In grouping 4: the alliteration, phonemic segmentation, syllable transposition, repetition of numbers in reverse order, visual memory, visual synthesis with words, figure copying, and rapid figure naming tests discriminated GR1, GR2 and GR4 (Table 9). The high correlations between the repetition of numbers in reverse order (working memory) and figure copying with most variables in this grouping stand out (Table 10).

In grouping 5: the results shown in Table 11 suggest that the syllable segmentation and visual letter discrimination tests did not adequately discriminate the groups.

In grouping 6: the results shown in Table 12 suggest that the syllable manipulation, random number repetition and visual word discrimination tests discriminated GR1 from the others. The phi correlation coefficient value between the random number repetition and the visual word discrimination tests is equal to 1 (Table 13), that is, the individuals in the sample showed the same response in both tests.

Table 13.

Grouping 6: phi correlation coefficients of the syllable manipulation, random order repetition, and visual word discrimination tests.

  Syllable manipulation  Random order repetition  Visual word discrimination 
Syllable manipulation  1.00  0.68  0.68 
Random order repetition  0.68  1.00  1.00 
Visual word discrimination  0.68  1.00  1.00 

aThe value of the phi correlation coefficient between the random order repetition and the visual word discrimination tests is equal to 1, that is, the individuals in the sample showed the same response in both tests. *Relevant data are shown in bold.

In grouping 7: The results shown in Table 14 suggest that the phonemic transposition and pseudoword repetition tests did not discriminate between the groups.

Table 14.

Grouping 7: percentage of individuals with below-average results in the phonemic transposition and pseudoword repetition tests in groups GR1 to GR5.

Group  Phonemic transposition  Pseudoword repetition 
GR 1  50.0%  0.0% 
GR 2  0.0%  0.0% 
GR 3  0.0%  0.0% 
GR 4  33.3%  33.3% 
GR 5  0.0%  0.0% 
Total  15.4%  7.7% 

aThe phonemic transposition and pseudoword repetition tests did not discriminate between the groups. Relevant data are shown in bold.

Discussion

In this study, the children attended a school of excellence standards, contributing to the validity of the schooling of the studied group. School adequacy was an important factor, because in the discussion of a diagnostic hypothesis for children with learning disabilities, the conditions of the school environment should be discarded as a cause.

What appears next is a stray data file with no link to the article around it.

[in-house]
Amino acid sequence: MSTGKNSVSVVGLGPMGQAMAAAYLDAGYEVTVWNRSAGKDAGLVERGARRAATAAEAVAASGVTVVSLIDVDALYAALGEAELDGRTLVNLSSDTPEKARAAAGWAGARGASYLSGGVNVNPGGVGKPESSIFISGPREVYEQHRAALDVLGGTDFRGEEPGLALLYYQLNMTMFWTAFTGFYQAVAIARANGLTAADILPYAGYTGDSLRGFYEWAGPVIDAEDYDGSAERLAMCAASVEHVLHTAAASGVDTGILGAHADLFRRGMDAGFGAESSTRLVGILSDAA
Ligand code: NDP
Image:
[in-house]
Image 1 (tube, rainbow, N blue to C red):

Thirteen children with great reading difficulty were assessed, corresponding to 7.8% of the population initially included in the study; this percentage is in accordance with the prevalence mentioned in the DSM-5 for the specific learning disorder, which ranges from 5% to 15% for school-age children, in different languages ​​and cultures.4

Reading comprehension is a complex process, supported not only by the identification of written words and vocabulary but also by language systems, such as syntax and overall knowledge. Thus, reading comprehension impairments can develop as a result of a deficit in cognitive and/or linguistic neural areas.7,8 Therefore, we consider that the retelling task, not only after reading by themselves, but also after the examiner’s reading, is of great importance, as it infers a broader language comprehension beyond the phonological domain. This task allowed the distinction of groups based on reading comprehension and contributed to the thinking of individual therapeutic approaches.

The children from GR3 and GR4 improved their comprehension after the examiner's reading, suggesting that reading fluency is the cause of the comprehension difficulty. On the other hand, children from GR2, who did not improve their comprehension after reading was performed by the examiner, seem to have difficulties related to higher cognitive processes, which impair their understanding. Oakhill et al. showed that the ability to understand the meaning of reading depends, in addition to decoding skill, on the capacity of metacognitive monitoring, textual integration, knowledge of text structure and working memory, and the authors recognize that both skills are important for reading comprehension.8